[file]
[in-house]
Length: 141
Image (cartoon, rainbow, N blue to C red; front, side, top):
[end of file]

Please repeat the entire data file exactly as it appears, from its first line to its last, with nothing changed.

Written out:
[in-house]
Length: 141
Image (cartoon, rainbow, N blue to C red; front, side, top):